Pakistan trying to deflect attention from financial crisis by mainstreaming terrorists: MEA

Ministry of External Affairs Spokesperson Raveesh Kumar. Photograph:( ANI )

WION New Delhi, Delhi, India Jan 11, 2019, 05.41 PM (IST) Siddhant Sibal

India has hit out at Pakistan on its continued support to terror and said Islamabad is "trying to deflect the attention of the financial crisis by mainstreaming terrorists." 

Ministry of External Affairs spokesperson Raveesh Kumar, in a weekly media briefing, asked, "Why is Pakistan allowing safe haven to a terrorist group?" and questioned the lack of seriousness by Pakistan to take action against the perpetrators of Mumbai and Pathankot terror attacks. 

Kumar added, "If Pakistan is ready for dialogue, why hasn't Pakistan taken any action against Mumbai and Pathankot terror attack perpetrators? They continue to provide support to the banned terrorist outfits."

On India-Pak talks, Kumar said, "no seriousness in Pakistan saying it wants dialogue and it (Pakistan) has to back up it up with action."

MEA spokesperson gave examples of how Pak ministers have been sharing the stage with terrorists like Hafiz Saeed. In September 2018, Noor-Ul-Haq Qadri, Pakistan's Federal Minister for Religious Affairs and Inter-faith Harmony and member of Imran Khan's government shared the stage with 26/11 mastermind Hafiz Saeed. 

In December, Minister of State for Interior Shehryar Afridi vowed to protect Hafiz Saeed "as long as Pakistan Tehreek-e-Insaf (PTI) is in the government." A prominent leader from PTI also opened Hafiz Saeed's Jamat-ud-Dawah (JuD) centres in Pakistan occupied Kashmir.

JuD is no longer on the list of banned terrorist groups with the lapse of the ordinance under which they were put on the list earlier.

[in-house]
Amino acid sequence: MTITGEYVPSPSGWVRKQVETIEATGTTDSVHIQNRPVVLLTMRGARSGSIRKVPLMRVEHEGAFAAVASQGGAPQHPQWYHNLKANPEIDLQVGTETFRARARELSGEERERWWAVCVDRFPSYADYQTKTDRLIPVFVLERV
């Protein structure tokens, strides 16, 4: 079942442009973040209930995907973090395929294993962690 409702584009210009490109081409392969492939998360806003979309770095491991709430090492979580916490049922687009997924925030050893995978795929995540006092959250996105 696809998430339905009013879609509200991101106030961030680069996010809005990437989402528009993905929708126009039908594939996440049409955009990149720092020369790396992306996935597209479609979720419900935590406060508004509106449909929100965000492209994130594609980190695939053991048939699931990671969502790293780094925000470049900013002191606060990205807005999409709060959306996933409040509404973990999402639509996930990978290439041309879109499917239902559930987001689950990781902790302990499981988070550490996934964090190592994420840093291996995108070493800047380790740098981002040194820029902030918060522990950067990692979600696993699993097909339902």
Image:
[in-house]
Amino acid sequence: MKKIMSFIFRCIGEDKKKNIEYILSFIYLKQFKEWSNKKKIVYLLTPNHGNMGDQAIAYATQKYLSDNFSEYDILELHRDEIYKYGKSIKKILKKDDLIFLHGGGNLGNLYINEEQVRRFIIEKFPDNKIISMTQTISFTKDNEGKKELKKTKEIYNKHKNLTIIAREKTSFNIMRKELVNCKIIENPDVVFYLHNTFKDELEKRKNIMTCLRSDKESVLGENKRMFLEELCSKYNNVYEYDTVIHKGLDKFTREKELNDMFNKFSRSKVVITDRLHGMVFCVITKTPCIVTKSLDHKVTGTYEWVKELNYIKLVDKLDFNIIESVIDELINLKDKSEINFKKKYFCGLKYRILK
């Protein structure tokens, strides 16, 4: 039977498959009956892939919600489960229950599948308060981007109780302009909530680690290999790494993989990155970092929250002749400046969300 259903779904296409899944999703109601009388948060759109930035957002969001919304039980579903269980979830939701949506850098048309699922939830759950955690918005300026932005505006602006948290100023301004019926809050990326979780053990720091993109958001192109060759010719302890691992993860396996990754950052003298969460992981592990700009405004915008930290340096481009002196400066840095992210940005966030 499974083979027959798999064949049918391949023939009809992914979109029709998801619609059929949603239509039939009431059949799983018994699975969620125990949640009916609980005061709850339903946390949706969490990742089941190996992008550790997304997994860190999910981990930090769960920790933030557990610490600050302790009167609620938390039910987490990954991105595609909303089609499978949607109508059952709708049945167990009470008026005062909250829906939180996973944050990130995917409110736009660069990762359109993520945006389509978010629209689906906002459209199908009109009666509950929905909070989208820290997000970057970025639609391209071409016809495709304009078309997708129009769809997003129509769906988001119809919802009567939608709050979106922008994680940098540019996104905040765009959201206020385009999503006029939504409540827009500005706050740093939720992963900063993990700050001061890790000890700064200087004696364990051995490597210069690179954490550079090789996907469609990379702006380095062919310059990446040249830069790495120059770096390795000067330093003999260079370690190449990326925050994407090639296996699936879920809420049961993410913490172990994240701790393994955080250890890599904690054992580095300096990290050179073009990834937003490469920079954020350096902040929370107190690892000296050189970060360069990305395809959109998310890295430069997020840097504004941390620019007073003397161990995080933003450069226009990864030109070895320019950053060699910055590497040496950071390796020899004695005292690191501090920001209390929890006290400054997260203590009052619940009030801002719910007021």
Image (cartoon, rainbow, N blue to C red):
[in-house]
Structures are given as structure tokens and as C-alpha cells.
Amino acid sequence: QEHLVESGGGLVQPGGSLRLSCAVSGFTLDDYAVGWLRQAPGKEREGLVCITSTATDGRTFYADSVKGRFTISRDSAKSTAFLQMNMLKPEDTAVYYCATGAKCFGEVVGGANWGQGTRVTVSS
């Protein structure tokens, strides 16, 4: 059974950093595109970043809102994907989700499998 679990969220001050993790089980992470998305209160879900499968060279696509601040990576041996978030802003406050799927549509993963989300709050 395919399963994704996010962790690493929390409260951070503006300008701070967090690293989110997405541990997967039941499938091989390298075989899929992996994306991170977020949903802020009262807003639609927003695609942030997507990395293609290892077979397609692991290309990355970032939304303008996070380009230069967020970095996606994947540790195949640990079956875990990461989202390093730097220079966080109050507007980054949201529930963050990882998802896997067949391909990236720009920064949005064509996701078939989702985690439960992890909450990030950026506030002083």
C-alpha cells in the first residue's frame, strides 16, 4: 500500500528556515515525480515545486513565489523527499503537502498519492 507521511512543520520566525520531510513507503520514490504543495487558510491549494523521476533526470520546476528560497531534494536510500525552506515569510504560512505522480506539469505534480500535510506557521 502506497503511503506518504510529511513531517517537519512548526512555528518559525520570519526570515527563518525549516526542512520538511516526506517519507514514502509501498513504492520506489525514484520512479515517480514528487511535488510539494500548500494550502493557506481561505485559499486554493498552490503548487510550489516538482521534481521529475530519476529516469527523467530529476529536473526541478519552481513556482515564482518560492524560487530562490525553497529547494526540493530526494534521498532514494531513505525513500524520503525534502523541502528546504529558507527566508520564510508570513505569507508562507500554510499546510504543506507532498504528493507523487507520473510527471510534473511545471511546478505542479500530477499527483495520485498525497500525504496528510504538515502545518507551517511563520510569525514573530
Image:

Indian Prime Minister Narendra Modi in his first interview of 2019 said New Delhi is open to dialogue with Islamabad but "amid the noise of bombs and guns, the dialogue cannot be heard." Last year, on the 10th anniversary of 26/11 Mumbai terror attacks, New Delhi had called on Pakistan to give up "double standards and to expeditiously bring the perpetrators of the horrific attack to justice."

The MEA also slammed Pakistan on the issue of raising the so-called bad situation of minorities in India. Raveesh noted, "Pakistan said minorities are not treated well in India, I think Pakistan should be the last country to lecture us on plurality and inclusive society. We and the world are fully aware of the situation of minorities in their country."

Last month, Pakistan Prime Minister Imran Khan had said, "We will show the Modi government how to treat minorities." On the birth anniversary of Muhammad Ali Jinnah, the founder of Pakistan, Khan tweeted, "Naya Pak is Quaid's Pak and we will ensure that our minorities are treated as equal citizens, unlike what is happening in India."